Other SOTA sites: SOTAwatch | SOTA Home | Database | Summits | Video | Photos | Shop | Mapping | FAQs | Facebook | Contact SOTA

Sgùrr Breac and A' Chailleach: The Western Fannichs GM/NS-007 & GM/NS-008

Upside down weather and a travesty of midges

Tuesday was our rest day and also transit from the Loch Laggan area up to the North West. After a spot of shopping in Inverness (new rucksack purchased) we stopped off at the North Kessock car parking area, laid our blanket on the grass and spent half an hour pouring over the Scottish Mountaineering Club “The Munros”.

Mo picked these ones - Sgùrr Breac and A’ Chailleach: The Western Fannichs. I plugged the start point into Google maps and we were there in an hour.


Camp. Sgùrr Breac and A’ Chailleach with the Druin Rèidh ridge in the middle

There were one or two midges around but it was otherwise a pleasant afternoon. Roll on two hours and Dora was surrounded by a cloud of midges like I’d never seen. We had the doors and windows shut, but they were coming in the vents, door seals, everywhere! It really was impossible to keep them out. In the end we put the bed up at 8pm just to try and present less flesh to the midges.

6am (0500z) alarm. The midges were as bad - both inside and out. After we’d eaten and geared up, I went outside to grab the bags and poles from the boot. Within seconds they had covered every inch of my skin and clothing. Thankfully, when we moved away from the Land Rover and walked down the road a bit, they thinned out. The cloud was down at road level, with a promising forecast of sun later on. It was 0646z

We’d decided to walk these hills using the Druin Rèidh ridge, which is the bit in the middle of the first photograph. It seemed an improbable way up, with a steep craggy nose, however we easily found a path which threaded its way up through the crags. Visibility was really poor.


The Druin Rèidh ridge is there somewhere

After a couple of really steep sections the ridge levelled out into the section with peat hags. Again, a path threaded its way through these, gently rising all the while.


Peat hags

As we climbed this section, I became aware of a warm feeling and saw a faint ball in the eastern sky. Within a few moments the sun had burned through, there were blue skies above and we were treated to an amazing inversion all round.


The sun is up!


An Teallach

It was pleasant walking all the way up the now grassy and narrowing ridge which led to Toman Còinnich, a subsidiary top and a T junction. Drop left and climb up to Sgùrr Breac, return and drop right to then ascend A’ Chailleach.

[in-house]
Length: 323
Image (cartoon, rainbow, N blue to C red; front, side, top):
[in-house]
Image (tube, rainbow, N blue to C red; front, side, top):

Clouds clearing


Summit 1 - Sgùrr Breac from Toman Còinnich

Ascending easy stony slopes on bits and pieces of path, we summited onto a grassy top at 0945z, a time of 3 hours for the climb.


From Sgùrr Breac

I had the station up and running in 10 minutes - Elecraft KX2, inverted V, 7m pole. Band conditions on 40m were forecast to be “Fair” and 20m “Poor”, so I spotted myself using 4G and put out a CQ call.

There was a bit of a pile up. Probably due to the lack of activations of this summit. Just 4 activations and none since 2013. In 20 minutes I had 23 stations in the log, with decent signal reports all round and little evidence of QSB. Only QRM to deal with! Highlights were GW4TQE/p from GW/MW-013 and IK2LEY, who was weak but perfectly workable.

We were packed up and on our way by 1030z. Back down to the col, skirting around the south side of Toman Còinnich to the next col and then ascending A’ Chailleach via an ever narrowing grassy ridge.


A’ Chailleach

On top at 1150z, so 1 hour 20 minutes walking time from the previous summit. Set up as before and I was on the air, sticking with 40m ssb, by 1210z.


Mountain radio station. Looking to Loch Fannich from A’ Chailleach

The log shows 12 contacts on 40m, with Italy, Spain, France in the log with a smattering of English station. Surprisingly GM6ZAK/p made it in, just workable and no more. A S2S with GW4VPX/p from GW/NW-031 made it two Welsh summits for the day.